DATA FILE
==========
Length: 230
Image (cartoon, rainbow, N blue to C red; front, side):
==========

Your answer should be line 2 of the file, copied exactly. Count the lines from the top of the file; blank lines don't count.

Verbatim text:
Image (cartoon, rainbow, N blue to C red; front, side):